Saints Row 4 is a game built on utter crazy. You’re the President and get kidnapped with the other Saints by an alien dictator, then end up placed in a virtual simulation of Steelport and eventually get superpowers. Just that sentence alone seems crazy, and the game embraces that with gusto. It’s just fun to use the core four powers offered to you (along with the different types each one has), and nothing can beat running on water and flying around while Walk the Moon plays. If superhero movies are all about answering the call to heroism, Saints Row 4 gives a middle finger to all that so you can perform flaming body slams and launch black holes. And isn’t that much better?
It doesn’t sound like playing as a cop would be any fun, but Crackdown proves that notion wrong. Instead of playing as a lawbreaker with enough guns and explosives to rival a small private army, you’re on the thin blue line and commissioned to take out crime lords across Pacific City. The true fun in the game comes from tackling the lieutenants any way you see fit, plus boosting your abilities to become even more of a badass.
Crackdown is a game that rewards you for collecting and just screwing around at every opportunity you get. Keep shooting, driving, and jumping, and your powers get stronger and you can take on anything the three gangs throw at you to the point where you’re basically Iron Man with better mobility. Sure, killing and driving are the skills that players will most likely want to boost first, but the Agility Orbs strewn throughout the city will take up more of your time than either of those combined. It’s crazy how addicting it is grabbing those Orbs…
Is there anything more superhero than shooting racists and mutants in New Orleans? If there is, Infamous 2 didn’t get the memo, but that still makes it one of the best games to enact your heroic (or villainous) desires. The first game was all about Cole learning to become a hero, and this one is all about expanding that power like a balloon.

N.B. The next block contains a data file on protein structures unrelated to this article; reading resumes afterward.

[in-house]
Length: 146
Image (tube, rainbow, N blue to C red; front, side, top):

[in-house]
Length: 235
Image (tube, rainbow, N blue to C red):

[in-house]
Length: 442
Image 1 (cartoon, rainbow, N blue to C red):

Sure, lightning is a cool power and all, but you gotta go bigger. The game constantly rewards you for experimenting with new powers and sub-powers that make combat even more fun, and it simply gets addicting just grinding on the rails shooting dudes with flaming rockets. Perfectly going hand in hand with the powers are the bad guys, escalating from dudes with assault rifles to giant swamp monsters and ice titans the size of buildings. Even if you don’t play as a hero, you’ll definitely feel like one as you go up against them with everything you’ve got. Any chance this could get a PS4 remaster, Sucker Punch?
Batman: Arkham City
You know what they say, it’s the second one that’s the best. Arkham Asylum is a great game, for sure, but City is just downright fantastic. While there’s nothing exactly new under the sun here (save for being able to pull off two takedowns at once), but the stuff that didn’t work in the first game got refined, and everything else became even more awesome. The combat got greater, the flying feels smoother, and the main story mode is a blast from start to finish. And once that’s done, there’s plenty of fun open world stuff for you to kill time in. (Except the Riddler trophies, because eff those.)
Still, as great as all the gameplay stuff is, what really sticks out for Arkham City is just how well it blends the different elements of Batman’s history together. It gets a little convoluted, admittedly; there’s a detour with Penguin and Solomon Grundy that doesn’t entirely work. But the story overall is incredibly well written and performed, with the standout once again being Mark Hamill as the Joker. Its confidence in casually flipping the deck on certain Batman tentpoles, plus the confidence it carries throughout the whole game, make it the best superhero game in its league.
What’s your favorite superhero game? Let us know in the comments below.